Marquette: Boat and shore anglers are catching fish. Coho action was fair at the Carp River for those using crawlers with light split shot. A few Chinook were caught. Some caught fish when casting spoons, spinners or stick baits. Lake trout action was fair in 180 to 200 feet of water with fish averaging three to 10 pounds. Lake trout have started to move in closer to shore as they get ready to spawn. Surface waters temperatures were still in the upper 50’s.
Dead River: Had a few more Chinook salmon. Anglers are using flies, light spoons or spinners. No coho to report this week but pink salmon are present and hitting on crawlers or small spoons.
Menominee: Walleye fishing was best in Michigan waters. Follow the shoreline and fish along the drop in 20 to 30 feet of water. A few were fishing Green Island but catch rates were slow. Walleye action was fair off the mouth of the Cedar River when trolling north and south. Try crawler harnesses during the day and switch to reef runners or thundersticks after dark. No reports from Stony Point as water levels at the launch were very low.
Menominee River: Boat anglers caught small walleye. A few more Chinook, pink salmon and brown trout were caught upstream of Stephenson Island. Those fishing downstream of the island caught smallmouth bass and rock bass. Shore anglers at the Hattie Street Dam are catching more trout and salmon.
Cedar River: Water levels were still very low and those trying did not catch anything.
Ford River: Anglers are catching Chinook. Try spawn, spoons or crank baits.
Little Bay De Noc: Had fair walleye catches off Kipling when trolling or drifting crawler harnesses in 18 to 30 feet of water or the Black Bottom and near the mouth of the Escanaba River in 8 to 30 feet of water. Several reported good catches of perch in the same area when using crawlers in 20 to 30 feet.
Escanaba River: Had the better fishing with Chinook salmon caught up near the 1st Dam by those casting spoons, crank baits or spawn.
Big Bay De Noc: Had lots of smallmouth bass anglers fishing between Garden Bluff and Snake Island. They were drifting or still-fishing with minnows, crawlers, tube baits or crank baits in 18 to 25 feet of water. Live bait worked best.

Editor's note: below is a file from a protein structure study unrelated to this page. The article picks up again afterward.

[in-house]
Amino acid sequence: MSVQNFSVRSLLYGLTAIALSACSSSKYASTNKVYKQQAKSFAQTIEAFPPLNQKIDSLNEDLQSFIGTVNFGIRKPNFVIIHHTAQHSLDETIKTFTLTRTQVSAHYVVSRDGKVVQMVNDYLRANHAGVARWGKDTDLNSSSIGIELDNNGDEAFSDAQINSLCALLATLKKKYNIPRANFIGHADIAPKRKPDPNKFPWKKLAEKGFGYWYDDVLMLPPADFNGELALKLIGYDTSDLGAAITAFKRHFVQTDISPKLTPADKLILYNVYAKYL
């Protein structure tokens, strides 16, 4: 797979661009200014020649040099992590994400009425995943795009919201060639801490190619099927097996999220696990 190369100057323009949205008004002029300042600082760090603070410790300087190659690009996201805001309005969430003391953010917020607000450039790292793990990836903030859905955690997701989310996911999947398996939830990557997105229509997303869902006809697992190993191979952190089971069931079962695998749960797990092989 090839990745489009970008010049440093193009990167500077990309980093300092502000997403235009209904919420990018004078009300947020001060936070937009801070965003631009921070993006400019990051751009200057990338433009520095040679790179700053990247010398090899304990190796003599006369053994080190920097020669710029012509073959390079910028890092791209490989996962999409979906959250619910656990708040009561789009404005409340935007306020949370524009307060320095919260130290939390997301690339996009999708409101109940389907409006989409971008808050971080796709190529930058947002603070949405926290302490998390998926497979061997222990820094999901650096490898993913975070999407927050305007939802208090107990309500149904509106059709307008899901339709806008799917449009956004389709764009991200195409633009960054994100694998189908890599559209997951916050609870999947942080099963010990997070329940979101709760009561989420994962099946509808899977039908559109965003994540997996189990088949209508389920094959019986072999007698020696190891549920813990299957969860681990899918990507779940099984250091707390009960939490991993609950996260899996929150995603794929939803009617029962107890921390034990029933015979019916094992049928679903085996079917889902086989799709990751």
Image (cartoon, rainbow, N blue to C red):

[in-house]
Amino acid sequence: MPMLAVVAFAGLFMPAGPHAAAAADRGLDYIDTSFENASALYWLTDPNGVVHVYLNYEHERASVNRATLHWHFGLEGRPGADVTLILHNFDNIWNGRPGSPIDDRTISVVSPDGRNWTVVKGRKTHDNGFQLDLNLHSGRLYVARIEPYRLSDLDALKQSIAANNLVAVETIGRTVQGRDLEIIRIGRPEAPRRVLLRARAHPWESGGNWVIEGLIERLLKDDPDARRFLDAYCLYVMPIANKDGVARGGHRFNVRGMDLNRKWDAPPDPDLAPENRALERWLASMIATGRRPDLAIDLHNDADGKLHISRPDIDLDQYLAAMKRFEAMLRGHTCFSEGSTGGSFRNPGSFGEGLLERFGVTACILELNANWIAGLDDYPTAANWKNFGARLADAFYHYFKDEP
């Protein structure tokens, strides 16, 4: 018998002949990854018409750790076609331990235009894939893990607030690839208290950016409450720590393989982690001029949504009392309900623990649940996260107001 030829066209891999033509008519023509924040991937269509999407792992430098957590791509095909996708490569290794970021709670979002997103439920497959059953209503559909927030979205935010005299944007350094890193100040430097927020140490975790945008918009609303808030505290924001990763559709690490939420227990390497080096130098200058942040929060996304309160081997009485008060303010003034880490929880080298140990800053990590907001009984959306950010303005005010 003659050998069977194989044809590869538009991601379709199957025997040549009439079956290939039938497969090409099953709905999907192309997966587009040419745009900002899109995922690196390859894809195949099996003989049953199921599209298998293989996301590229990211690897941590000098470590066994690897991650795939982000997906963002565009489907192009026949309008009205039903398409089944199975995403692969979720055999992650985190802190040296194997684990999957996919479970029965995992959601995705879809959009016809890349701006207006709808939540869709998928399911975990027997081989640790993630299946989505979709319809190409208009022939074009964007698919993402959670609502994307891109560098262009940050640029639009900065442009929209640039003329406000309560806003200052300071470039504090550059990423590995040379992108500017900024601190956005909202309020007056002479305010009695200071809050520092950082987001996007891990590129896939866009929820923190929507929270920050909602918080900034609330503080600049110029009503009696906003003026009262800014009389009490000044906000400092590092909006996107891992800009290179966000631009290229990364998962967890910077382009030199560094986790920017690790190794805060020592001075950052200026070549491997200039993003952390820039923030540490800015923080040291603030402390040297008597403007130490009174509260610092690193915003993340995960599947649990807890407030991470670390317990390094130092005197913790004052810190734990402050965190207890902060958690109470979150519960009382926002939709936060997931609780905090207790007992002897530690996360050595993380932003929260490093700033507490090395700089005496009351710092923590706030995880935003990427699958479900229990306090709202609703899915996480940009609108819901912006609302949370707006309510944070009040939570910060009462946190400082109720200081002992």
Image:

Au Train: Boat anglers caught coho between the Rock River and Shelter Bay. Try 40 to 50 feet of water with spoons or stick baits.
Rock River: Shore anglers caught a few coho at the mouth and below the spillway with spawn or crawlers. Early morning is best. The fish average between 19 and 21 inches. No Chinook salmon to report.
Munising: Boat traffic increased with the better weather. Catch rates have improved some but were still spotty with an average of one or two fish taken along the eastern shoreline. Water temperatures were still 58 degrees. Pier anglers reported slow catch rates for steelhead and coho. Splake have been caught but the fish were running on the small side. The bite stopped at sunset. Some are casting bright colored spoons and spinners while others are using spawn bags. Orange spinners worked best. Those surfcasting managed to catch a few coho.
Grand Marais: Coho and steelhead were caught by those trolling bright colored spoons or spinners. Pier anglers are casting spoons but catch rates were slow. Shore anglers managed to catch coho and steelhead with spawn bags or crawlers.
Two Hearted River: Has excellent coho fishing in the river and off the mouth. Those surfcasting have done well when casting small spoons, small minnow shaped plugs or when drifting spawn bags.
St. Mary’s River: Those fishing Munuscong Bay caught musky around Tea Cup Island, the south end of Rock Cut, and east of Kemps Point when trolling black bucktail spinners or rubber body shad in eight to 12 feet of water. Smallmouth bass were caught around Moon Island. Pike and smallmouth bass were caught off Maple Point, Birch Point and Rocky Point when trolling gold and red deep diving crank baits in six to 10 feet of water. Those fishing Raber Bay caught perch halfway between the launch and Round Island or long the north end of Lime Island. Anglers are reminded that lake trout season closed on September 30.
Detour: A few young Chinook salmon were caught 48 to 60 feet down in 90 feet of water around the lighthouse. The mature fish have moved into the harbor where they are staging before they spawn. Other spots to fish are the Old Coal Dock, north of Detour Village, and northwest of Pipe Island. Yellow perch were caught around Ashman Island, Peck Island, Rutland Island and Scott’s Bay. Spreaders with minnows in 12 to 16 feet of water worked best. Smallmouth bass are hitting rubber tube baits off Bruce Point and Peck Island.
Cedarville and Hessel: Perch fishing has picked up in Government Bay, Cedarville Bay and Musky Bay in eight to 12 feet of water with minnows or crawlers.
Carp River: Is full of pink salmon and also has Chinook mixed in as well. Nunn’s Creek is producing Chinook. Anglers are surfcasting near the mouth.
St. Ignace: Boats out trolling caught some nice Chinook in 60 to 70 feet of water.